The Landsat mission is one the most successful remote-sensing programs and has been running since the early 1970s. The most recent addition to the flock of Landsat satellites – Mission Nr. 8 has been supplying tons of images to researchers, NGO’s and governments for over two years now. Providing nearly 400 images daily (!) this has amassed to an impressive dataset of over half a million individual images by now (N = 515243 by 29/07/2015).
Landsat 8 scenes can be easily queried via a number of web-interfaces, the oldest and most successful being the USGS earth-explorer which also distributes other NASA remote-sensing products. ESA also started to mirror Landsat 8 data and so did the great Libra website from developmentseed. Using the Landsat8 before/after tool from remotepixel.ca tool you can even make on the fly comparisons of imagery scenes. You might ask how some of those services are able to show you the number of images and the estimated cloud-cover. This information is saved in the scenes-list metadata file, which contains the identity, name, acquisition date and many other information from all Landsat 8 scenes since the start of the mission. In addition Landsat 8 also has a cloudCover estimate (and sadly only L8, but the USGS is working on a post-creation measure for the previous satellites as far as I know), which you can readily explore on a global scale. Here is some example code showcasing how to peek into this huge ever-growing archive.
# Download the metadata file l = "http://landsat.usgs.gov/metadata_service/bulk_metadata_files/LANDSAT_8.csv.gz" download.file(l,destfile = basename(l)) # Now decompress t = decompressFile(basename(l),temporary = T,overwrite=T,remove=F,ext="gz",FUN=gzfile)
Now you can read in the resulting csv. For speed I would recommend using the “data.table” package!
# Load data.table if(!require(data.table))install.packages("data.table");library(data.table) # Use fread to read in the csv system.time( zz = fread(t,header = T) ) file.remove(t)
The metadata file contains quite a number of cool fields to explore. For instance the “browseURL” columns contains the full link to an online .jpg thumbnail. Very useful to have a quick look at the scene.
require('jpeg') l = "http://earthexplorer.usgs.gov/browse/landsat_8/2015/164/071/LC81640712015201LGN00.jpg" download.file(l,basename(l)) jpg = readJPEG("LC81640712015201LGN00.jpg") # read the file res = dim(jpg)[1:2] # get the resolution plot(1,1,xlim=c(1,res),ylim=c(1,res),asp=1,type='n',xaxs='i',yaxs='i',xaxt='n',yaxt='n',xlab='',ylab='',bty='n') rasterImage(jpg,1,1,res,res)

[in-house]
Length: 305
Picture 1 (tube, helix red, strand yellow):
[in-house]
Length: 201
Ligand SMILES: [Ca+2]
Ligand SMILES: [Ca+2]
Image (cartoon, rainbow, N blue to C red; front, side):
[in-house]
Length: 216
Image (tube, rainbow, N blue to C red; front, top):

The “cloudCoverFull” column contains the average cloud-cover for each scene, which is interesting to explore as the long-term average of measured cloudCover per region/country likely differs due to different altitude or precipitation levels. Here is a map showing the average cloud-cover per individual scene since mission start:
Clouds are a major source of annoyance for anyone who intends to measure vegetation cover or classify land-cover. Might write another post later showcasing some examples on how to filter satellite data for clouds.
Since quite some time ecological models have tried to incorporate both continuous and discrete characteristics of species into their models. Newbold et al. (2013) demonstrated that functional traits affect the response of tropical bird species towards land-use intensity. Tropical forest specialist birds seem to decrease globally in probability of presence and abundance in more intensively used forests. This patterns extends to many taxonomic groups and the worldwide decline of “specialist species” has been noted before by Clavel et al. (2011).
But how to acquire such data on habitat specialization? Ether you assemble your own exhaustive trait database or you query information from some of the openly available data sources. One could for instance be the IUCN redlist, which not only has expert-validated data on a species current threat status, but also on population size and also on a species habitat preference. Here IUCN follows its own habitat classification scheme ( http://www.iucnredlist.org/technical-documents/classification-schemes/habitats-classification-scheme-ver3 ). The curious ecologist and conservationist should keep in mind however, that not all species are currently assessed by IUCN.
There are already a lot of scripts available on the net from which you can get inspiration on how to query the IUCN redlist (Kay Cichini from the biobucket explored this already in 2012 ). Even better: Someone actually compiled a whole r-package called letsR full of web-scraping functions to access the IUCN redlist. Here is some example code for Perrin’s Bushshrike, a tropical bird quite common in central Africa